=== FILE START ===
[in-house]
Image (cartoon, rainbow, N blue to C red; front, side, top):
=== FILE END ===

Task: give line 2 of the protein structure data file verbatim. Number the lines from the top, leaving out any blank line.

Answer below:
Image (cartoon, rainbow, N blue to C red; front, side, top):